There is an interesting and entertaining beginning to the second episode. It goes on to the extent that you almost forget you are watching Star Wars which excelled in intense yet heartwarming scenes.

Jabba, from The Mandalorian, makes an appearance in the episode. Soon after, The Mandalorian and his spaceship are also actually introduced to the series.

This time, the story revolves around a frog, a three-faced devil and their gang. They travel with another robot - V-5 - who resembles a truck with the antenna-meets-a speaker.

While Star Wars isn't known for its songs, Visions changes all that for it. With lyrics close to BTS' Love Yourself motto, the series has an incredible song that brings the energy of the episode to another level!

Taku Kimura, who has worked in various anime, including Naruto: Shippuden, as voice actor and director, has managed to take the level of the series up with the episode.

The real Star Wars, however, begins in the third episode. Darth Vader is seen in this episode. Renamed Karre in the series, he takes control of Stormtroopers in the recreation of the Star Wars aircraft. This time around, he has a robot, R-Duo (what you could describe as an older version of R2D2), to himself. The Star Destroyer too exists in this series, heightening the excitement that all Star Wars fans experienced when the instalment was first released. This spaceship plays an important role later on in the series but the excitement doesn't come close to what you would have experienced when Luke Skywalker managed to destroy it in Star Wars.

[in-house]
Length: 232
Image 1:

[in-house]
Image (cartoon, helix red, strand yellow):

C3PO has teamed up with Karre's sister Am this time around. He is renamed B-2ON and follows orders without goofing around.

The series brings in the female as more powerful than men. While Star Wars had Princess Leia, it also had Darth Vader, Luke Skywalker and Han Solo. With Visions, you very rarely see any of the trios leave a mark as much as the females do.

Karre reveals his identity early on, leaving very little to the imagination. Am, on the other hand, has a few tricks up her sleeve which she does not let out instantly.